Before we knew it we were heading back over the bridge with 5k of the race already behind us. The time had gone by quickly as the three of us carried on with conversations just about anything. While we were on the bridge, I heard a lady complimenting another lady about her outfit. I think I failed to mention above but you may have seen in the pictures that everyone is decked out in their neons. The race theme was ‘90s and participants came out full force with it. The lady had said “nice shorts” and in my theme of being annoying during the race, I said “thank you” as I was wearing my bright blue shorty shorts that show a little more leg than I thought I’d ever be comfortable showing.

Back on flat land, we made our way east toward the airport. Kalea was at mile 4 and I wanted to hand off my sunglasses. It wasn’t all that sunny in our face and I’d rather not just carry them along. I was going to throw them off to the side but instead Kaela took off on a run with Bella in tow and camera on her shoulder to catch up with me down the sidewalk to hand off the glasses. She may be able to beat me in a 40 yard dash with her quickness (haha).

The on-course entertainment helped keep our minds busy from thinking about the task at hand. Just before mile 5 there was a spin class doing their workout outside lining both sides of the streets. Men and women on spinning bikes were cheering us on as they got their own workout in. Quite efficiently doing two things at once I must say. At mile 6 we started an out and back that allowed us to cheer on folks that were a few miles ahead of us. We were keeping a pretty consistent pace that felt manageable. The road wound in and out, mixing it up from straight roads that would come later.

Just after the 10k mark there was an aid station. I had gotten ahead of Parker and Jonathan, who got caught up in the crowd making their way to get a cup. I slowed down pace to allow them opportunity to drink and catch back up but noticed only Parker made his way. Parker had mentioned that Jonathan had gotten slowed down by getting a cup. We made the turn and didn’t see him on the other side so assumed he stopped in the porta-potty for a break (come to think of it, I never asked what happened there). Regardless of the situation, Jonathan was out of the group run and it was Parker and I moving forward.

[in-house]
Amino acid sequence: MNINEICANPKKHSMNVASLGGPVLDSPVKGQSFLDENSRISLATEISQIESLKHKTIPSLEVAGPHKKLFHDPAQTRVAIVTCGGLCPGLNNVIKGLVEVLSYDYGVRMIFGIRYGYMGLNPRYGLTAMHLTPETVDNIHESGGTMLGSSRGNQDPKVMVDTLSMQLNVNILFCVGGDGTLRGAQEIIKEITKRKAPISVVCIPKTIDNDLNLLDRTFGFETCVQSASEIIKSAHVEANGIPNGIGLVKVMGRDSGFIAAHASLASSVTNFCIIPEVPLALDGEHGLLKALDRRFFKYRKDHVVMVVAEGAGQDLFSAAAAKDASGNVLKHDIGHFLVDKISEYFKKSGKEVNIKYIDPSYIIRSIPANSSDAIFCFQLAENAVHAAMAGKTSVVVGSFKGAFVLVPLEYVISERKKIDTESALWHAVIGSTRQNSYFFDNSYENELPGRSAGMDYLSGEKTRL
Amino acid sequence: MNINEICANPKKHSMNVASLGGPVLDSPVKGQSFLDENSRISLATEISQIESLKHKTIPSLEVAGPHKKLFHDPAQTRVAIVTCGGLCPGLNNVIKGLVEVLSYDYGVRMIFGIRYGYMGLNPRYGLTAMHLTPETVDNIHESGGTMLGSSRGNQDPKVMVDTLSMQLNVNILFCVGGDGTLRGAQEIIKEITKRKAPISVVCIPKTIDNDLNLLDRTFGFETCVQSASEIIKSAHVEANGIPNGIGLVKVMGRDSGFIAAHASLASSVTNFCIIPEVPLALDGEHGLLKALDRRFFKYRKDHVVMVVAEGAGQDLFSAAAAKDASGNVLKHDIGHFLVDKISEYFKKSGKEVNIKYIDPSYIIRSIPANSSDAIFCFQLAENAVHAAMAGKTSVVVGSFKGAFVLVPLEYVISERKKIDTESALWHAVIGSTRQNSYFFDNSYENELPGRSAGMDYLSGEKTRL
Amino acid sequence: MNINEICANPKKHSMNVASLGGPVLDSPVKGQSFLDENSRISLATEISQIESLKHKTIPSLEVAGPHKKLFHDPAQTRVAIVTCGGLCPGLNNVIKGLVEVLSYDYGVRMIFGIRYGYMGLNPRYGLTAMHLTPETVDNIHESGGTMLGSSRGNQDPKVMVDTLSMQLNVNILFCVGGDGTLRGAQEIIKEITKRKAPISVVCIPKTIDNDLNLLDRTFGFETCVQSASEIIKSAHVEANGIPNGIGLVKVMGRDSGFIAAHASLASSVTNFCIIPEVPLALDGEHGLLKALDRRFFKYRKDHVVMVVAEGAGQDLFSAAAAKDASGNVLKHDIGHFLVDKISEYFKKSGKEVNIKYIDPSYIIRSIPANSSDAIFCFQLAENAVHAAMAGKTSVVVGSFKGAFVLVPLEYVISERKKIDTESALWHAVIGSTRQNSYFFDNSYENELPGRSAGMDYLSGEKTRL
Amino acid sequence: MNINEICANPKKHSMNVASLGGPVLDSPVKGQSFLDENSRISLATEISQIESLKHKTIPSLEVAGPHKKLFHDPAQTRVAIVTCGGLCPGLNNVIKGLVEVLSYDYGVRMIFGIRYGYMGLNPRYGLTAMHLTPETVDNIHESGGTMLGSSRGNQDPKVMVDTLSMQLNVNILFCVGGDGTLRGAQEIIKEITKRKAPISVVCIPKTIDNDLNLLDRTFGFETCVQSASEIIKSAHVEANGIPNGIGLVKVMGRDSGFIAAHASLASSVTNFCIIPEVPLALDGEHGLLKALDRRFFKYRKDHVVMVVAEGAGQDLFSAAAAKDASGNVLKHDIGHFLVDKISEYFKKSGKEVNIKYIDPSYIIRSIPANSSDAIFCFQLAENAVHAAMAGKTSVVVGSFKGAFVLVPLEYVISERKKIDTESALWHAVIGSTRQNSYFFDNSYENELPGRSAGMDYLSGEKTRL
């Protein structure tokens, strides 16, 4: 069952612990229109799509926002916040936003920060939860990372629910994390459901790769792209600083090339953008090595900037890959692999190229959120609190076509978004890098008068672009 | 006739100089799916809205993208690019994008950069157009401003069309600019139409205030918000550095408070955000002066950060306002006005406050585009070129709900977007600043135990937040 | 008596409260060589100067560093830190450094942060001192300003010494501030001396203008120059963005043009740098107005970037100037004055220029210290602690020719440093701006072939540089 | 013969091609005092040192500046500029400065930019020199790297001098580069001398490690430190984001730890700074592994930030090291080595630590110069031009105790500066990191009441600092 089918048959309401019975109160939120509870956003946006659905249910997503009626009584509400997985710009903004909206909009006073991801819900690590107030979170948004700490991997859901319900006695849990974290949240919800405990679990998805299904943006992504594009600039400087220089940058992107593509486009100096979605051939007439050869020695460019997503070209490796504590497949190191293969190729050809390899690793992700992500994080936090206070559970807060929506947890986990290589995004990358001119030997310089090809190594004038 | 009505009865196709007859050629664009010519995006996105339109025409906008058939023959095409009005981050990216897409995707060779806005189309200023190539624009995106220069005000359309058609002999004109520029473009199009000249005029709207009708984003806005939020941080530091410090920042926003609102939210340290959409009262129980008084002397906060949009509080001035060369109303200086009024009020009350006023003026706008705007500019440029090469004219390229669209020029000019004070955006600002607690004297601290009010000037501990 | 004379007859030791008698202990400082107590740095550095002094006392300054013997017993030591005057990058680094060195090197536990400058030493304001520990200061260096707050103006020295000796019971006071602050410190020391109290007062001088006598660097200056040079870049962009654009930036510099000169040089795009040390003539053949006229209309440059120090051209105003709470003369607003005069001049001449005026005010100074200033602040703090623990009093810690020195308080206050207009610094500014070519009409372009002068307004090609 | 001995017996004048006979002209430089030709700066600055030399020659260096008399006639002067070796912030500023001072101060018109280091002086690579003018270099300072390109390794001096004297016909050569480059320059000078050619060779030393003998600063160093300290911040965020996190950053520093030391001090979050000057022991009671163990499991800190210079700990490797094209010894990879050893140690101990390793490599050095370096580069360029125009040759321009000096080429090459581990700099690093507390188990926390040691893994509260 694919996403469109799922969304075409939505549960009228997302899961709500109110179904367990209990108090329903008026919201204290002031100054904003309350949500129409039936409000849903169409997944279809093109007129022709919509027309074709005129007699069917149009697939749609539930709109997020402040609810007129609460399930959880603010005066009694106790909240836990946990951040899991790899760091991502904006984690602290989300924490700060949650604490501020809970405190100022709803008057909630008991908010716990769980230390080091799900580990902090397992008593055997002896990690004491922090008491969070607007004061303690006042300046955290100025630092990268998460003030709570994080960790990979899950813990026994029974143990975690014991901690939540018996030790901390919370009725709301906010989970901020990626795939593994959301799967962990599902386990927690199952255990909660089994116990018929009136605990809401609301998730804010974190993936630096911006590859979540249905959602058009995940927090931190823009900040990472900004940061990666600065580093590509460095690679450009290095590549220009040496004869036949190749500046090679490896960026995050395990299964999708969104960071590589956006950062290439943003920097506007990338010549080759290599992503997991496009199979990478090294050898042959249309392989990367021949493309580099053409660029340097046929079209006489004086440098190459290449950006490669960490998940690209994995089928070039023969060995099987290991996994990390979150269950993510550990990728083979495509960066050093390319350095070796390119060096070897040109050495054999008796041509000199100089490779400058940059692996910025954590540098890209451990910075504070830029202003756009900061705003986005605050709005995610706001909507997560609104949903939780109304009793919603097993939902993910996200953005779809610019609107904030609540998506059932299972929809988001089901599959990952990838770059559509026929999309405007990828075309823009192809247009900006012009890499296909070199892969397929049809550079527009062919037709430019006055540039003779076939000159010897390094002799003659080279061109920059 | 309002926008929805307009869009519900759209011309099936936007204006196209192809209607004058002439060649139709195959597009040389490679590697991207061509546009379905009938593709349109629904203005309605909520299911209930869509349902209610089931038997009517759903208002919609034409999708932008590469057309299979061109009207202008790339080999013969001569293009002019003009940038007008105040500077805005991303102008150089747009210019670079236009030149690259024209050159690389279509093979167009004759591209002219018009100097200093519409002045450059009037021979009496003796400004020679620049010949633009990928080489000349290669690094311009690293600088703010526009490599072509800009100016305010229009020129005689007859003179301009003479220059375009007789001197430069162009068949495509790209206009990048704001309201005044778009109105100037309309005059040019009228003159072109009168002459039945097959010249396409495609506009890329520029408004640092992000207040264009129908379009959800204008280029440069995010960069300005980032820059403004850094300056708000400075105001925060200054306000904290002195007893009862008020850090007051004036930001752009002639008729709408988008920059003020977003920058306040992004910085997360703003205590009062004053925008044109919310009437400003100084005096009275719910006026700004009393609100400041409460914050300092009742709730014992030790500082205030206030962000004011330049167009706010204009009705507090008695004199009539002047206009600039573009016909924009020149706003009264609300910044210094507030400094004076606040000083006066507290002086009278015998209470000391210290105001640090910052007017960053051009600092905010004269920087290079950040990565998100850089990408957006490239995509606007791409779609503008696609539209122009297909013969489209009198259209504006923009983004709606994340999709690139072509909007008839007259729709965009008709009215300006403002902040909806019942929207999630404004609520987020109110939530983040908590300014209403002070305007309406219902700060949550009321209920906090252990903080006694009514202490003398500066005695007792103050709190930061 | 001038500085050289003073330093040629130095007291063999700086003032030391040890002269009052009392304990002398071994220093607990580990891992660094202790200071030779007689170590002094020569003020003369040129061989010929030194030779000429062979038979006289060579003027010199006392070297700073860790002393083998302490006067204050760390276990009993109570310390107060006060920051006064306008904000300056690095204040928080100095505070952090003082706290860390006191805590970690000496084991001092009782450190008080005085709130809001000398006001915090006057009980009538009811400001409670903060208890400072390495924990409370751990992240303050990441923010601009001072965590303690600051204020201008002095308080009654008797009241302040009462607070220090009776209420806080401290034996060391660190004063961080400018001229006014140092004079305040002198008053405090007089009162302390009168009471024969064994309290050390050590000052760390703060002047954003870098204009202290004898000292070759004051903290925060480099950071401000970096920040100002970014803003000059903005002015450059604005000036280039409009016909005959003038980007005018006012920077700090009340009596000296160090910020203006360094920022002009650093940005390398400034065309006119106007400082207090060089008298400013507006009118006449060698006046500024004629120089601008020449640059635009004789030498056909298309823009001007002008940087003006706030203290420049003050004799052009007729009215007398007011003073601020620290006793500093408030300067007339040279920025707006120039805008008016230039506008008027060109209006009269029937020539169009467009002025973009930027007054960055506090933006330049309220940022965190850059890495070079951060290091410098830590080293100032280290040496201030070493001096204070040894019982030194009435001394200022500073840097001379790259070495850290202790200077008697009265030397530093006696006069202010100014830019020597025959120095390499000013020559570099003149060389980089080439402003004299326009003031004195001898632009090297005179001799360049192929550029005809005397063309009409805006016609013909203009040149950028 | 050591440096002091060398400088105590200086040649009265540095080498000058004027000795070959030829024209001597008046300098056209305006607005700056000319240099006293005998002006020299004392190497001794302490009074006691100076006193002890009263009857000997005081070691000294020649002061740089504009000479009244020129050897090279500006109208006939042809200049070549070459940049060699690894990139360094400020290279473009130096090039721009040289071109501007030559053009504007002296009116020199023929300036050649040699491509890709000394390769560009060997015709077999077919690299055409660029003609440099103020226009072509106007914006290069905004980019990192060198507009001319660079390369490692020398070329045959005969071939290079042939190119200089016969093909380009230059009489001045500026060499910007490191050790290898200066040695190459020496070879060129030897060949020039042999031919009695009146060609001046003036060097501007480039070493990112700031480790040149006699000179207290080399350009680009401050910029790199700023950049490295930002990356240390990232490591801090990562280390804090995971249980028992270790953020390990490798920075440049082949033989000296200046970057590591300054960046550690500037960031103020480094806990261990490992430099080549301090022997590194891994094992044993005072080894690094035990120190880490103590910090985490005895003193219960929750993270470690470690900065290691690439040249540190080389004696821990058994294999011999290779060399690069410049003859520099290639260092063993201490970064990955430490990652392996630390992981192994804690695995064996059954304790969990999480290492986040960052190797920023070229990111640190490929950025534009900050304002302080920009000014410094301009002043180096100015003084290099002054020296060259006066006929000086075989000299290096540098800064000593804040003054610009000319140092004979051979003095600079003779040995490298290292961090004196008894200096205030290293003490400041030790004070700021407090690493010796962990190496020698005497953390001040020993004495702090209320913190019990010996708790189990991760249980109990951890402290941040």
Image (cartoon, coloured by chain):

On this side of the turn the wind was directly in our face. Every once in a while a strong gust would come and it felt like we were standing still. It was fun doubling back on the rest of the field of runners. Cheering each other on as we based on by; yelling out encouragement to pace groups as they made their way to the turn around. At mile 8 we hit a slow climb that would last a mile. There were a few steep spots but it was just a grind the whole time. Parker and I had the same attitude at this point in the race: we just wanted to enjoy our time out on the road and take in all the race had to offer. And we were rewarded at the end of the climb: A huge crowd of spectators and “home made” aid stations from local businesses. After some beer, a cookie and a mimosa, I couldn’t get the smirk off my face!

We took a left on Commerce Street and enjoyed a slight downhill as we passed a park on our left and soon after crossed over the freeway. After two quick rights, we were on Main Street and once again were greeted by lively non-official aid stations, the first of which was something I had never seen on a run before. A local church had set up a “communion on the run” aid station passing out communion elements to those running by. A block or so later there were a few folks grilling up pineapple for runners. Parker and I had joked that this may be the only race we have done that provided a full meal. I knew I was going to be seeing Kaela in less than half a mile just past mile 10, so I grabbed an extra pineapple piece for her to enjoy. We crossed over the freeway again and then took a quick left. Kaela was set up on the turn taking photos. She gave me a puzzled look as I ran directly towards her instead of around the corner and then looked more puzzled when I handed her a piece of pineapple and then ran away.